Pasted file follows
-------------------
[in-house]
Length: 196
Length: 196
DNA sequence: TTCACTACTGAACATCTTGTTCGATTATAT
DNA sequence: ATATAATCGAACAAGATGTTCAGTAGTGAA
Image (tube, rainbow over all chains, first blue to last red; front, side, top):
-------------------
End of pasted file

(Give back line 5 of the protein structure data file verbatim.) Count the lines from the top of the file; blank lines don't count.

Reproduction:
DNA sequence: ATATAATCGAACAAGATGTTCAGTAGTGAA